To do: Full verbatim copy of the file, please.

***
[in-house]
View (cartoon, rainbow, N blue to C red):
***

[in-house]
View (cartoon, rainbow, N blue to C red):